Monthly Archives: May 2008

The “J Street” deception

“J Street” is the name of a new lobbying group and political action committee that says it will represent the interests of liberal American Jews. Its premise is that sensible mainstream of pro-Israel American Jews have been ill-served by the main pro-Israel lobby in the U.S. — the American Israel Public Affairs Committee (AIPAC). J Street regards AIPAC as pushing a right-wing agenda. By contrast, J Street’s “sensible mainstream” agenda »

Does Barack Obama know his friends?

Barack Obama has professed himself “deeply disappointed” in Father Pfleger’s merciless racial mockery of Sen. Clinton from the pulpit of Obama’s church in Chicago. Although Obama has known Pfleger for some 20 years and Pfleger has been involved in Obama’s campaign, Obama’s statement sounds detached from Pfleger and the substance of Pfleger’s remarks. It is almost as though Obama and Pfleger are at best distant acquaintances. This afternoon Obama announced: »

We’re Glad He Clarified That

We noted yesterday that the Barack Obama campaign arrogantly dismissed John McCain’s suggestion that the two candidates go to Iraq together. This morning, Obama spokesman Robert Gibbs clarified that Obama isn’t necessarily averse to traveling to Iraq–he was there once, for two days in 2006–it’s just that he and McCain have different agendas when they talk to our commanders and soldiers there: You know, I don’t think we’ll be taking »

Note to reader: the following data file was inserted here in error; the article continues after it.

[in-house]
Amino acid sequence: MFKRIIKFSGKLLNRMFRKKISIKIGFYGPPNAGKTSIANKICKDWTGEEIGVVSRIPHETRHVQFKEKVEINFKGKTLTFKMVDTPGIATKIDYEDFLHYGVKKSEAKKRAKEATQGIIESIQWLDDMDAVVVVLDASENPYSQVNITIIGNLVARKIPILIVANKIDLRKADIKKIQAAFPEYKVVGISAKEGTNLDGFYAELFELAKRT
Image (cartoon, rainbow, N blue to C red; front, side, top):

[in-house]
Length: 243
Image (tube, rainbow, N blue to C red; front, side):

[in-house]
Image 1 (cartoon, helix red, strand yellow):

He’s Funnier Than I Thought

These days, Al Franken is one of the more reliable sources of good news, if you’re a Republican. On the brink of endorsement by the DFL party, Franken has suffered one blow to his image after another, due to his own business incompetence and checkered past. The latest is a pornographic article he wrote for Playboy magazine eight years ago. Somewhat to my surprise, Franken’s fellow DFLers seem genuinely concerned »

Revisionist History

Scott McClellan’s appearance on the Today Show this morning had elements of comedy, as McClellan wanted to talk about bipartisanship while Meredith Vieira desperately prodded him to say something controversial, or, failing that, something specific. The most concrete anti-Bush statements were quoted by Vieira, from McClellan’s book, under the headline “Weapons of Mass Destruction:” Bush and his advisers knew that the American people would not support a war launched primarily »

Pass the plate and dump in your 401(k) money

As I noted in this post, Jeremiah Wright isn’t the only religious figure from whom Barack Obama draws inspiration. Obama also has ties with Rev. Michael Pfleger, the Catholic pastor at St. Sabina on the south side of Chicago. Like Wright, Pfleger is is a supporter of Louis Farrakhan. Post below is video of Rev. Pfleger preaching at Obama’s church. Pfleger argues that whites must give up their 401(k) money »

An inconvenient question reappears

Blogging has changed some in the six years we’ve been doing it, but for me the essence remains the same. You read, see, or hear something that offends you and then, after a period of steaming, write what you hope is a pointed but under-control refutation. My friend and law partner Dan Joseph has seen me in mid-process several times on the way to work, Washington Post in hand, on »

Motor City Madness

We met up with Mrs. John Conyers when an eighth grade visitor to the Detroit City Council chambers instructed her in the basics of civil discourse. Mrs. Conyers put up a bit of a fight, but 13-year-old Keiara Bell had the better of the argument. On Tuesday Katherine Rosman caught up with the story in the Wall Street Journal. It turns out that Mrs. Conyers is a key City Council »

Another Press Secretary Gives A Contrary View